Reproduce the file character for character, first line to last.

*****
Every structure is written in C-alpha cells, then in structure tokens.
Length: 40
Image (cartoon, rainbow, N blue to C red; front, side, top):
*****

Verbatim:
Every structure is written in C-alpha cells, then in structure tokens.
Length: 40
Image (cartoon, rainbow, N blue to C red; front, side, top):